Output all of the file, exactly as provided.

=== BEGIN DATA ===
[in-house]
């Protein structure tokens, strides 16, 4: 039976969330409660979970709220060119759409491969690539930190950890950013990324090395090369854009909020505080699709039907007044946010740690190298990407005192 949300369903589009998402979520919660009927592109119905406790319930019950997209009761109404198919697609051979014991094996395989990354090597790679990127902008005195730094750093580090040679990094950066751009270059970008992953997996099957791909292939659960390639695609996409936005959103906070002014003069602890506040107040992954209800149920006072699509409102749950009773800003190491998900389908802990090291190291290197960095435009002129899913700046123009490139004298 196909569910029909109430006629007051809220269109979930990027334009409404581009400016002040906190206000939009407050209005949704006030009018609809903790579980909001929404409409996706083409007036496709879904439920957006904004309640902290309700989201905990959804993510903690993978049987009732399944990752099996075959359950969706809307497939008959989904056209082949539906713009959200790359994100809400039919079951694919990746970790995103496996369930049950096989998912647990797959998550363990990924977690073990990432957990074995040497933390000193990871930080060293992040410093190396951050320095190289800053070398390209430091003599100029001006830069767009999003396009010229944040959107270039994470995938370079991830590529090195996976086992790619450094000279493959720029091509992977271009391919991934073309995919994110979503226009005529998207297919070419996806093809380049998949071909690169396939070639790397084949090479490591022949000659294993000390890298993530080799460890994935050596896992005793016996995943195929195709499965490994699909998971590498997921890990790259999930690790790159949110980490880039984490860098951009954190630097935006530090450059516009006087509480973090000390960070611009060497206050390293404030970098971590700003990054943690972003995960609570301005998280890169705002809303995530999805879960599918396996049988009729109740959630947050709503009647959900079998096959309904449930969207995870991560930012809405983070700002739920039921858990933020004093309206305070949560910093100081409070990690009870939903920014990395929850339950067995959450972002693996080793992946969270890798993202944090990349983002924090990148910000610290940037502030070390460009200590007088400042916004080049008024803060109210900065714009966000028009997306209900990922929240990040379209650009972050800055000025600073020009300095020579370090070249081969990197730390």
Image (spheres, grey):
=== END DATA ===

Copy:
[in-house]
């Protein structure tokens, strides 16, 4: 039976969330409660979970709220060119759409491969690539930190950890950013990324090395090369854009909020505080699709039907007044946010740690190298990407005192 949300369903589009998402979520919660009927592109119905406790319930019950997209009761109404198919697609051979014991094996395989990354090597790679990127902008005195730094750093580090040679990094950066751009270059970008992953997996099957791909292939659960390639695609996409936005959103906070002014003069602890506040107040992954209800149920006072699509409102749950009773800003190491998900389908802990090291190291290197960095435009002129899913700046123009490139004298 196909569910029909109430006629007051809220269109979930990027334009409404581009400016002040906190206000939009407050209005949704006030009018609809903790579980909001929404409409996706083409007036496709879904439920957006904004309640902290309700989201905990959804993510903690993978049987009732399944990752099996075959359950969706809307497939008959989904056209082949539906713009959200790359994100809400039919079951694919990746970790995103496996369930049950096989998912647990797959998550363990990924977690073990990432957990074995040497933390000193990871930080060293992040410093190396951050320095190289800053070398390209430091003599100029001006830069767009999003396009010229944040959107270039994470995938370079991830590529090195996976086992790619450094000279493959720029091509992977271009391919991934073309995919994110979503226009005529998207297919070419996806093809380049998949071909690169396939070639790397084949090479490591022949000659294993000390890298993530080799460890994935050596896992005793016996995943195929195709499965490994699909998971590498997921890990790259999930690790790159949110980490880039984490860098951009954190630097935006530090450059516009006087509480973090000390960070611009060497206050390293404030970098971590700003990054943690972003995960609570301005998280890169705002809303995530999805879960599918396996049988009729109740959630947050709503009647959900079998096959309904449930969207995870991560930012809405983070700002739920039921858990933020004093309206305070949560910093100081409070990690009870939903920014990395929850339950067995959450972002693996080793992946969270890798993202944090990349983002924090990148910000610290940037502030070390460009200590007088400042916004080049008024803060109210900065714009966000028009997306209900990922929240990040379209650009972050800055000025600073020009300095020579370090070249081969990197730390």
Image (spheres, grey):